However... let's not get carried away. Steady now. In a society where computer generated fantasy is all too prevalent, where many people seem - to me - unable to even venture outside without plugging into the 'matrix' machine, please be aware that reaching some of the more remote, upland sites in the British Isles can be potentially dangerous - even life threatening - for the unprepared... or arrogant. I've been naïve/stupid, yet luckily got away with some pretty crass errors in my time. Just about. So treat the landscape and weather with the respect they deserve; take map, compass, waterproofs (etc) and hopefully you won't go too far wrong. Help turn that limited wannabe squaddie route marching mentality on its head by taking as long as you can, let being part of this planet soak in. Hey, if it all seems a bit daunting at first why not pop a question in the Forum? That's why Mr Cope puts up the readies to run TMA.... Thank you Julian.

So cheers... to Mr Cope for being his inspirational, annoying, confrontational self, showing that field archaeology can be FUN! - hey, who'd have thought it? ...to my sister (the wondrous Mam Cymru) for using her female 'micro' vision to help me see the detail throughout an ongoing re-exploration of the South Walian uplands, albeit upon dodgy ankles, knees etc... to my own mam for insisting 'young men should have adventures' (that was a while back, now).... and my Dad for unwittingly inspiring a profound love of high places. Oh, and to Aubrey Burl for those pioneering guides BC.... 'Before Cope'.

For what it's worth some of my other inspirational people are:

Charles Darwin (for his humanity... amongst, er, 'other things'... although let's not forget Wallace for forcing the great man's hand);

And then, in no particular order:

George Orwell (magnificent essayist with the ability to change his mind); Michael Collins (things are not often black and white...); Winston Churchill (for all his many profound faults... since without him I would not be here now. It would appear Mr Cope despises Winston. I disagree; a privilege Mr Churchill - and Mr Cope - have accorded me. Thank you gentlemen); Martin Gore (favourite songwriter... from just up the road!); Big Steve Chamberlain (sorely missed); Mr Beethoven; Giorgio Moroder & his analogue sequencers; Richard Dawkins (much maligned by people unable to grasp just how dangerous this new Dark Age of psychopathic, devolutionary religious resurgence really is); The Pogues (for my North Walian soundtrack); Sophie Scholl (words fail me); W A Mozart (ditto); Michel Faber; Manic Street Preachers (the true spirit and voice of South Wales); Alan Pearlman.. for the sublime ARP Odyssey... particularly in the hands of Billy Currie; Nigel Kennedy; Will Shakespeare (words don't come easy to me - but they did to him); Kraftwerk; Harry Hill (there's only one way to find out!); Claudia Brucken; Marc Almond; Stan Laurel and Oliver Hardy; Christopher Hitchens (verging upon Orwell's brilliance?); Mulder and Scully; John Le Mesurier ('do you think that's wise, sir?' The coolest man) .... and anyone who has ever asked 'Why?' - the true legacy of punk. Thank you Mr Lydon.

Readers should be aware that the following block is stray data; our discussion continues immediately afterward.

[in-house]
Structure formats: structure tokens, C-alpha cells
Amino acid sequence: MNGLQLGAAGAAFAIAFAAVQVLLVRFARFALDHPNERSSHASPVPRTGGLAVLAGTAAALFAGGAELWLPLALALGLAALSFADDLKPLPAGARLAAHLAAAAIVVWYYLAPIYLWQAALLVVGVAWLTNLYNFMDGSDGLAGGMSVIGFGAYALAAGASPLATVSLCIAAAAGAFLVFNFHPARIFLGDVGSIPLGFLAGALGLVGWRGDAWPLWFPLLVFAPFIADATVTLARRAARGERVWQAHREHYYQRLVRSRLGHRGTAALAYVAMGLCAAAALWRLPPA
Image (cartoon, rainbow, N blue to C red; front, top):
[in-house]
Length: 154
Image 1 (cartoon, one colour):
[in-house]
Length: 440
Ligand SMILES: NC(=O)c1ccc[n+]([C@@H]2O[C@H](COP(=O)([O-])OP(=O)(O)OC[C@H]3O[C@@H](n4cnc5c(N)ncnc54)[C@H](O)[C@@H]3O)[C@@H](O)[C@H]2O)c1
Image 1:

Oh, last but not least, Gaelic beauty Karen Matheson... the Scottish trips wouldn't have been the same without that voice. 'The call is unspoken, never unheard'.

George Orwell - '...during times of universal deceit, telling the truth becomes a revolutionary act'....

Truman Capote - 'Failure is the condiment that gives success its flavour'.

W E Gladstone - 'Men are apt to mistake the strength of their feeling for the strength of their argument. The heated mind resents the chill touch and relentless scrutiny of logic'.

William Blake - 'A truth that's told with bad intent; Beats all the lies you can invent'

John Lydon - 'It is a reward to be chastised by the ignorant'.

Christopher Hitchens - 'Take the risk of thinking for yourself, much more happiness, truth, beauty, and wisdom will come to you that way.'

Sarah Cracknell - 'I walk the side streets home; even when I'm on my own...'

Winston Churchill - 'KBO'.

Finally, regrettably... having witnessed several instances of pointless personal animosity over the years from the inevitable lunatic element: Martin L. Gore (with apologies) -

'Now I'm not looking for absolution
Forgiveness for the things I do
But before you come to any conclusions
Try walking in my boots'